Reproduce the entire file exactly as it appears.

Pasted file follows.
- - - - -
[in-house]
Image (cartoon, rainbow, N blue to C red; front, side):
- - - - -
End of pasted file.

[in-house]
Image (cartoon, rainbow, N blue to C red; front, side):